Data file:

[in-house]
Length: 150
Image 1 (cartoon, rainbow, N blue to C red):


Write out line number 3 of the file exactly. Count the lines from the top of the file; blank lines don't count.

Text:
Image 1 (cartoon, rainbow, N blue to C red):